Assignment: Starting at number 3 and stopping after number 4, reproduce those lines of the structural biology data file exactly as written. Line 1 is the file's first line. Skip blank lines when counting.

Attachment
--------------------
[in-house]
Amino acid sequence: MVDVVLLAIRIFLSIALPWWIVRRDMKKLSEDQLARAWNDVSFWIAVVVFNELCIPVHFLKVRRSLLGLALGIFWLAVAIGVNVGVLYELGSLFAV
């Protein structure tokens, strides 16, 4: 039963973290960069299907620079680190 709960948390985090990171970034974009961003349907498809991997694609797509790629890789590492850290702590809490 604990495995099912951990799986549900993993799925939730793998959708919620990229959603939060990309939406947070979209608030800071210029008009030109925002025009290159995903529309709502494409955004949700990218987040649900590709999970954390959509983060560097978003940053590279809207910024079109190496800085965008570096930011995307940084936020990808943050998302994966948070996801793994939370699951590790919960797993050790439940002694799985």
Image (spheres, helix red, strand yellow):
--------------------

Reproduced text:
């Protein structure tokens, strides 16, 4: 039963973290960069299907620079680190 709960948390985090990171970034974009961003349907498809991997694609797509790629890789590492850290702590809490 604990495995099912951990799986549900993993799925939730793998959708919620990229959603939060990309939406947070979209608030800071210029008009030109925002025009290159995903529309709502494409955004949700990218987040649900590709999970954390959509983060560097978003940053590279809207910024079109190496800085965008570096930011995307940084936020990808943050998302994966948070996801793994939370699951590790919960797993050790439940002694799985």
Image (spheres, helix red, strand yellow):